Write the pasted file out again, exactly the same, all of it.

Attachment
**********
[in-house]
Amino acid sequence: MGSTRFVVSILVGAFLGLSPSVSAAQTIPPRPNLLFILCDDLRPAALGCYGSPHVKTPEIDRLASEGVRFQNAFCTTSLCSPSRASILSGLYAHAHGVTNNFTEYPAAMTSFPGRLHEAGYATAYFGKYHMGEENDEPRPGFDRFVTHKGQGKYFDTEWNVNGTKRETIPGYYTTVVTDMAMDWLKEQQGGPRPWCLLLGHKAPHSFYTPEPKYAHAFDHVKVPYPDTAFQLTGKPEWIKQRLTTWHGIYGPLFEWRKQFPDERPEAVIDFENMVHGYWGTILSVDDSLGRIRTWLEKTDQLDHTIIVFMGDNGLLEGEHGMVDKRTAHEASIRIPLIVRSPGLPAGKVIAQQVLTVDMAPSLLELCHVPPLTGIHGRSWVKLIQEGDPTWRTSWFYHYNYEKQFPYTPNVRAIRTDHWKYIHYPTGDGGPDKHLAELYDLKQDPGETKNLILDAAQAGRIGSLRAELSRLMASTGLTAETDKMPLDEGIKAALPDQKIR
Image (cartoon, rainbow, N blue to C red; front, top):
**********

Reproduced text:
[in-house]
Amino acid sequence: MGSTRFVVSILVGAFLGLSPSVSAAQTIPPRPNLLFILCDDLRPAALGCYGSPHVKTPEIDRLASEGVRFQNAFCTTSLCSPSRASILSGLYAHAHGVTNNFTEYPAAMTSFPGRLHEAGYATAYFGKYHMGEENDEPRPGFDRFVTHKGQGKYFDTEWNVNGTKRETIPGYYTTVVTDMAMDWLKEQQGGPRPWCLLLGHKAPHSFYTPEPKYAHAFDHVKVPYPDTAFQLTGKPEWIKQRLTTWHGIYGPLFEWRKQFPDERPEAVIDFENMVHGYWGTILSVDDSLGRIRTWLEKTDQLDHTIIVFMGDNGLLEGEHGMVDKRTAHEASIRIPLIVRSPGLPAGKVIAQQVLTVDMAPSLLELCHVPPLTGIHGRSWVKLIQEGDPTWRTSWFYHYNYEKQFPYTPNVRAIRTDHWKYIHYPTGDGGPDKHLAELYDLKQDPGETKNLILDAAQAGRIGSLRAELSRLMASTGLTAETDKMPLDEGIKAALPDQKIR
Image (cartoon, rainbow, N blue to C red; front, top):